Maintaining Independence Within the CPA Firm
Today, the SEC is beginning its hearings related to independence within an accounting and consulting firm, and are set to hear testimony from representatives of government and the Big 5.
How does a CPA firm maintain independence when delivering both audit and consulting services? The two are considered very separate services, says Rosanne Schwartz, ABV/CPA, AM, CVA, manager of Valuation and Litigation Services for Eldredge, Fox & Porretti, LLP, a regional firm based in Rochester, NY that serves the Western part of the state.
‘We set up a dedicated team of valuation experts who are accredited and who do no audit and attest work,' she says. 'We keep our independence through an introduction by another partner. At that point, that partner steps out of the situation, and the valuation team does the work independently.’
Accreditations and standards related to practicing as qualified specialists are very important, says Schwartz, whose firm is a member of the Financial Consulting Group, an organization of CPA firms delivering valuations and litigation services across the United States.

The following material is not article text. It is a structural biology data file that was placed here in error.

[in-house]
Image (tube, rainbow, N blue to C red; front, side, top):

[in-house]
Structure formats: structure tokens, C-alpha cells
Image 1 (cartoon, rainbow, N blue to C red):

Schwartz is candid in saying the business has changed over the years thanks to the wave of accreditations, like the CPA/ABV designation.
'Historically, a lot of accountants have done valuation and other kinds of consulting work on a sporadic basis as clients needed it, particularly in gifting and estate work,' says Schwartz. 'As a firm, we make it clear up front that we have to work independently because the standards we hold are directly related to the credentials in, for example, business valuation. If the process does get challenged by the IRS, we want to ensure that we maintain independence throughout the process.'
Voice of the Editor
Which isn’t completely true. I mean, occasionally I drop by when I manage to sneak out of the nonstop frat party over at Going Concern, but I’m mostly a wallflower over there. I’m happy to say that I’ve been given express permission (or explicit orders, if you like) to wander over here to AccountingWEB more often.
Why is that, you might ask? My job is to replace the irreplaceable Gail Perry as Editor-in-Chief. What does that mean? I don’t really know! I think it’ll be fun getting a feel for things, throwing in my own thoughts here and there, and listening to the discussions you’re having about the accounting profession.